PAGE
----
• Subtitles on TV shows/films will not help you if you don’t enjoy what you’re watching! Always watch something you like or you think is interesting.
  • Slang that is presented in the English language might not be correctly translated into your native language.

Always keep in mind  that people learn in different ways, using different material. Experiment with subtitles and see if it works for you!

Adapted from https://www.gonaturalenglish.com/use-subtitles-movies-learn-english-listening-skills/

 

1C1 Exam Units 1-5 Model B May 18, 2020

Filed under: Uncategorized — anagomezgarcia @ 12:46 pm

EXAM INSTRUCTIONS

1-You have 2 hours to read, listen (3 times) and write A/B (200-300 words).

2-Send me your listening notes(1), reading notes(2) and writing(3) before the end of the class.

3-Exams with the same words/ideas will not be considered valid.

EXAM QUESTIONS

OPTION A: You are a journalist for humanresources.net and you have read about hidden identities in the workplace.  You feel that the old Myers-Briggs test many companies are still using is insufficient. Write an article suggesting a new approach to recruitment that makes people with hidden identities welcome.

OPTION B: To fight hidden identity stigma, prevalent in large companies, the government has decided to subsidise self-employment. You are one of the people in the listening extracts. Write a proposal of a family business describing your product/service and the positive relationships that will contribute to the business success.

Hidden Identities In the Workplace

Social identity has a profound impact on the way employees interact with their colleagues in the workplace. This lesson explores some of the more common social characteristics that impact a workplace.

Invisible Social Identities in the Workplace

A workplace is heavily influenced by the diversity, culture, and identity of the people of whom it is comprised. Research supports a conclusion that perceived social stigmas have a profound impact on the way individuals interact in the workplace. In an effort to avoid them, many individuals draw strict lines between their personal and professional life. For some, the ability to work well within a diverse team is negatively impacted when individuals are quiet and withdrawn for fear of saying or doing something that will create a stigma.

Concealing social characteristics means that an individual cannot or will not interact with colleagues and managers in a comfortable and fluid way. In addition to the overall decrease in communication, in many instances protecting social identity means misleading the employer or co-workers in order to prevent exposure.

Sexism, Racism and Homophobia

Sexual orientation is at the top of the list in terms of social characteristics an individual often seeks to conceal. A heterosexual couple seeking a week off of work for a honeymoon will simply say that, but a same-sex couple is far more likely to lie about the reason for the absence in order to avoid the stigma associated. Likewise, many individuals in interracial relationships will opt out of company social events such as picnics or Christmas parties to avoid the stigma of being seen by co-workers. And within these groups, females will be quieter than males.

Sizeism and Obesity

The number of individuals who are medically defined as obese has jumped 66% in the last 10 years, and discrimination or bias based on body weight has skyrocketed as well. Credible research has demonstrated an undeniable link between obesity and workplace decisions. One study documented the fact that obese people face unfair hiring practices, are paid lower wages, receive harsher discipline, and are terminated more freely than their thinner counterparts.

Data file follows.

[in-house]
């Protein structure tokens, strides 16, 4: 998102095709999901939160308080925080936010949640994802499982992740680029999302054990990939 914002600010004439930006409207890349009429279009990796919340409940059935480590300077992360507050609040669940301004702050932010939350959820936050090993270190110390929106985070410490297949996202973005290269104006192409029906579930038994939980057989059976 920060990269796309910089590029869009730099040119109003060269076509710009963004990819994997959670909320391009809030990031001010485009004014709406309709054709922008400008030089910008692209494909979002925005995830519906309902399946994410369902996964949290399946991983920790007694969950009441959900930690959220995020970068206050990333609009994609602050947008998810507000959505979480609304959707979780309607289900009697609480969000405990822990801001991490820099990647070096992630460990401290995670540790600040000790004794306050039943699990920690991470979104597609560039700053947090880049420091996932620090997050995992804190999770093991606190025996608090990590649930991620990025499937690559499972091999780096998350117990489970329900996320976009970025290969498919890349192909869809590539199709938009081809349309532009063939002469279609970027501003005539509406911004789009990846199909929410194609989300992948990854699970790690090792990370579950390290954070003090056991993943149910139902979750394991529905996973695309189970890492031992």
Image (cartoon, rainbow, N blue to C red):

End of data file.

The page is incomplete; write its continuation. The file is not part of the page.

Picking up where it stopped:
Aware of this stigma, obese individuals in the workplace often modify their clothing choices, eating habits, and make self-deprecating statements which may cause awkward interactions between co-workers and offer virtually nothing in terms of a positive influence or outcome. The situation is especially uncomfortable for the obese employee whose weight is such that the workplace infrastructure must be modified to accommodate their size.

Obesity affects self-confidence as well, and many obese individuals will not realize their full potential in the workplace. Obese individuals will often decline to seek career advancement, even when fully qualified, because of the low sense of self-esteem. Others will avoid certain types of job roles entirely, such as sales or public communications, because of the profound fear associated with bias related to physical characteristics.

Mental Health Issues

In a small town, a male in his 50s has been an independent insurance salesman for the last 20 years. In addition to being bright and capable, the individual also has schizophrenia. It’s been nearly 2 decades since he had an acute psychotic episode, but two decades has changed little. Despite his demonstrated success in community involvement, a combination of his embarrassment and to potential employers’ liability make it nearly impossible for him to find meaningful work with area employers.

Consequently, despite not genuinely having a passion for insurance sales, the job was one of the only good paying careers that such an individual could get in a small community. Again, the impact to the workplace is profound because this gentleman’s skill set and intelligence would allow him to contribute significantly in many employment settings, but memories of his acute psychotic episodes have left him with the stigma that has made him untouchable – even after more than two decades.

Physical Health Issues

Chronic illnesses and disability status also impact the social identity of a workforce. People with specific structural diseases like multiple sclerosis or Parkinson’s disease may be subject to inaccurate but very real discrimination related to an unfounded belief that they are unable to perform the duties of the job.

Individuals with poorly documented conditions like fibromyalgia or chronic fatigue syndrome are often labelled as troublemakers…

Adapted from https://study.com/academy/lesson/social-identity-the-workplace-definition-factors.html